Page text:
A top psychologist has described the moment he confronted OJ Simpson as the frantic star held a gun to his own head as police hunted him over his wife's death.
Dr Kris Mohandie, a forensic psychologist with over 25 years experience, was called to the disgraced actor and NFL star's Brentwood mansion after he led police on a bizarre slow car chase through Los Angeles.
Simpson, now 73, had attempted to go on the run after being accused of the brutal murders of his ex-wife Nicole and her friend Ron Goldman in 1994.
Mohandie was sent by a SWAT team to go and negotiate Simpson's surrender after he had returned to his home.
By now, the infamous car chase in the white Bronco had become national – if not international – news, and a huge crowd had gathered outside Simpson's house.
The vast majority were there to support the Naked Gun star, and many of them were hostile to the police.
Dr Mohandie described how he tried to convince Simpson to put the gun down as he sat in the car clutching photographs of his family.
Simpson was later acquitted of the murders of Ron and Nicole following the "Trial of the Century", 25 years ago today on October 3, 1995.
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Writing in his new book Born Killers? Mohandie said: "I was the on-call psychologist for the LAPD tasked with responding to barricades and consulting with the negotiation team but was unaware of what was happening at the time."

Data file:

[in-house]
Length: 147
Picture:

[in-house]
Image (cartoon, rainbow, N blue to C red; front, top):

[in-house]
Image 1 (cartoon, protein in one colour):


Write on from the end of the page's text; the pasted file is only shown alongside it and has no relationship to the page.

Describing the events of the infamous day June 17, 1994, he went on: "I called the SWAT headquarters and asked if we were being called in to help. I was told to go to Simpson’s home.
"Detectives had spoken with Simpson, and he was supposed to surrender soon."
When he arrived at the house, Mohandie said: "At the base of the street, a crowd of about 500 people had gathered. It was surreal.
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"I parked my car, and when I got out, there was my old friend SWAT supervisor, Sergeant Michael Albanese. He introduced me to Robert Kardashian, Simpson’s attorney and friend, who gave us the rundown of what was going on.
"Simpson was despondent, armed with a handgun, and threatening suicide in the Bronco."
Despite being accused of the bloody murder of his wife and her friend, Mohandie said Simpson's only concern was for himself.
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He said: "Simpson was worried about his reputation being damaged, his loss of status. I could see the shiny gun held to his head, and something in his other hand that we later learned were photographs.
"I suggested that we use what we had, the crowds.
He told him: "Look at all these people. They still love you."
Following a tense standoff, Simpson finally put the gun down, Mohandie said, "collapsing safely into an officer’s arms, deflated".
He went on: "He wanted to use the restroom, call his mom, and get something to drink. All of which happened. But it took some time to get him the drink.
"I learned a short time later that was because one of the cops was looking through the fridge for orange juice.
"'OJ, have some orange juice.' Juice for 'The Juice.' Cop humor. Gotta love it."
Dr Mohandie’s book Born Killers? , published by Mirror Books, is available now. Get 10% off (RRP £8.99) with offer code F10 Call 01256 302 699 or order online at mirrorbooks.co.uk (Free P&P on orders over £15)
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